European Central Bank president Christine Lagarde has renewed her calls for government spending to help tackle the Eurozone’s slowdown and said the bloc has to “gear up on climate change”.
In a statement to the European Parliament as it looks at the ECB’s 2018 annual report, the new president also defended the central bank’s ultra-loose monetary policies, which have been controversial in some quarters.
Lagarde – who took over at the ECB from Mario Draghi in November last year – said the Bank’s policies were working, with unemployment at 7.4 per cent in the Eurozone, the lowest level since 2008.
Yet she said: “Monetary policy cannot, and should not, be the only game in town.”
“Other policy areas – notably fiscal and structural policies – also have to play their part. These policies can boost productivity growth and lift growth potential, thereby underpinning the effectiveness of our measures.”
She said record-low interest rates meant fiscal policy can be “highly effective”.
Many of the ECB’s policies have been deeply controversial, especially in the more fiscally conservative northern countries such as Germany.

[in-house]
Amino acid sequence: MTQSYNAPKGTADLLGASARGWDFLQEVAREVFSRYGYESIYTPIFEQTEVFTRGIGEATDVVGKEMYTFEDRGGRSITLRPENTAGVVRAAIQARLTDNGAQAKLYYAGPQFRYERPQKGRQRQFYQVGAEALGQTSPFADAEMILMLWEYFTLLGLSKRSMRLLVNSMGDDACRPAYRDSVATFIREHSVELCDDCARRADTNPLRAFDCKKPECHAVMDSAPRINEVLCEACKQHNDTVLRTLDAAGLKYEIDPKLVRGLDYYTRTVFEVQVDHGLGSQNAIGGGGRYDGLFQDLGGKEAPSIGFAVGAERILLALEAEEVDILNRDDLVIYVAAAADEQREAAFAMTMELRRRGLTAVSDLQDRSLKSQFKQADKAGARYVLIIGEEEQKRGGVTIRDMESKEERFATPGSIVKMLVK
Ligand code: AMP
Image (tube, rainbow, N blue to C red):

German tabloid newspaper Bild last year portrayed Draghi as “Count Draghila”, a vampire whose negative interest rates were sucking the blood of German savers.
Today, Lagarde sought to reassure skeptics that the ECB was not being reckless. “We are fully aware that the low interest rate environment has a bearing on savings income, asset valuation, risk-taking and house prices,” she said.
But she said that negative interest rates, bond purchases and other super-cheap loans had “helped to preserve favourable lending conditions, support the resilience of the domestic economy and – most importantly in the recent period – shield the euro area economy from global headwinds”.
The ECB is currently undergoing a major policy review that could change its central aims.
Lagarde’s strategic review is the first since 2003 and will delve into a number of key issues ranging from the inflation target to tackling climate change.
In a sign that the environment would be a key issue in the review, Lagarde told MEPs: “We also have to gear up on climate change.”
She highlighted the ECB’s moves to “extend our knowledge about the economic impact of climate change” and to more seriously consider its financial risks.
She again said countries and other institutions in the bloc should do more: “Europe is uniquely positioned to master these challenges. Building on common safeguards and competitive incentives, the single market offers enormous potential for economic modernisation.”